Joe: A black and white cookie.

Carlos: Sure. A yin and yang cookie.

Joe: That’s what their called, it’s a black and white cookie, it’s on Seinfeld. Anyway they also can use it to communicate while hunting. The strobing thing confuses prey.

Carlos: So are they solitary hunters or do they hunt in groups?

Joe: From what I saw it’s mostly schools and frenzies.

Carlos: You know when you see fish that all turn at the exact same time somehow? Do you think they use the pigment to do that?

Joe: I didn’t see anything that suggested that. But I did see something that said when they’re swarming and they’re about to go for something, they’ll light up in a certain way to let others know I’m attacking. They think maybe it’s to say “Don’t get in my way or you’re gonna get bit.”

Carlos: Or to dazzle.

Joe: Yeah but that’s communicating to other squid like “I’m going in”. I don’t know how they know that.

Carlos: Yeah I just saw brown, white, white, brown so that means he’s going in. Although they don’t just turn white and brown. They turn red, blue, probably green or greenish blue.

Joe: And as a camouflage feature, it doesn’t seem as robust as an octopus since they can change the texture of their skin.

Carlos: That is crazy, we will talk about octopuses later.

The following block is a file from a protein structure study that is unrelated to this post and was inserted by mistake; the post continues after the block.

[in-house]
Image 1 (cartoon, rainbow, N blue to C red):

Joe: And the color and be different colors all throughout and look just like a rock.

Carlos: It’s crazy.

Joe: But they do seem to have this instantaneous quick control over it, which is interesting. Also, this iridescence thing is helpful for open ocean stuff. So basically, you’re out in the open ocean and there are no rocks around for you to camouflage into. So you basically have to mimic the pattern of light hitting the water.

Carlos: So the ripples. So things below you look up and see, instead of a black shadow on a blue rippling background, they see a blue rippling thing.

Joe: So I did see a video of one that looked like it was underwater. You know how if you’re in the pool, you’ve got the light being reflected and refracted by the surface of the water? It looked like that was happening, it looked like it was under water and the sunlight was passing through it like that, but it wasn’t it was just its skin.

Carlos: That’s pretty nuts.

Joe: So that’s what it looks like, it’s a good way to describe it.

Carlos: So that’s the same tactic of a great white shark. It doesn’t do it on purpose, but it has a white underbelly so that when you’re looking up, it blends in with the sun. And when you’re looking down, it’s grey. Same thing with a penguin or a seal. They usually have the lighter underbellies. So that’s crazy. They reflect light, and they also will generate their own light through bioluminescence and their iridescent. So do you have anything else?

Joe: That’s the whole thing.

Carlos: That’s the Humboldt squid.

Joe: If you want to learn more, type it in on Youtube there’s loads of videos,

Carlos: They also have a camera lens kind of eye like we do. So they have really complex eyes unlike a bug.

Joe: So they can see well. And they have big eyes.

Carlos: Yeah they can take in a lot of light. But they can also focus on things where other animals can’t even though they have eyes on either side of their head. Usually animals that have that can’t focus on things. They have panoramic vision but they can’t do much focusing. But anyway we can talk about that in some other episode. We’re trying to make sure this stays 30 minutes each episode.

Joe: And we just passed the 30 minute mark.

Carlos: Alright, so until next time, there is nothing certain except Life Death and Taxonomy.